TOKYO — The governor of the southern Japanese island of Okinawa urged the government on Wednesday to pressure the U.S. military to do more to stop an escalating coronavirus outbreak at American bases there that has infected more than 130 Marines.
Gov. Denny Tamaki flew to Tokyo to ask Defense Minister Taro Kono to share the concerns of local communities that host American bases and urge the U.S. military to be more cooperative with them.
Tamaki complained that U.S. military officials have refused to provide details of infections among U.S. service members, citing confidentiality and a risk of terrorist attacks.
He said 36 more cases were reported at Camp Hansen, one of several U.S. bases on Okinawa hit by the outbreak, bringing the total to 136. Most of the cases are at Marine Corps Air Station Futenma, which is at the center of a relocation dispute. Others were at Camp Kinser, Camp McTureous and Kadena Air Base.
Kono, who earlier complained that there were “a number of problems” with the U.S. military’s handling of the outbreak, on Wednesday said a U.S. military family of three had tested positive after taking a commercial flight to Iwakuni in western Japan after landing in Tokyo.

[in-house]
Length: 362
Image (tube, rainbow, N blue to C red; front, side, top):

“We need to have the U.S. military take concrete measures so that the infections on bases will not spread to the Japanese community,” Kono said.
The outbreak at the U.S. bases adds to concerns in Japan as infections in the country resume rising, mostly in Tokyo where officials raised the caution level to the highest level on a scale of four.
Kono also raised concern that the coronavirus infections could affect U.S. military readiness.
“We are extremely concerned about the impact of the spread of the coronavirus infections on American troops’ rapid response capability,” Kono told reporters.
U.S. service members and their families are not covered by a travel ban on foreigners imposed by Japan. Tamaki asked Foreign Minister Toshimitsu Motegi to revise the bilateral Status of Forces Agreement so travel restrictions will also apply to U.S. service members.
Chief Cabinet Secretary Yoshihide Suga said U.S. forces in Japan require a 14-day quarantine period for newly arrived personnel and prohibit use of public transportation, with violators subject to punishment. “We are requesting that the U.S. military in Japan implement the measures more strictly and thoroughly,” he said.
The U.S. military has told Okinawa that all infected people have been isolated and the bases are under virtual lockdown, officials said.
Okinawa is home to more than half of about 50,000 American troops based in Japan under a bilateral security pact. Residents have long been sensitive to base-related problems such as pollution, noise and crime.
Okinawans also oppose a planned relocation of Futenma Air Base from its current site in a densely populated area in the south to a less populated area on the east coast, and instead want the facility removed entirely from the island.
Outside the bases, Okinawa has reported only about 150 coronavirus cases. Nationwide, Japan has confirmed 20,000 cases including about 1,000 deaths.
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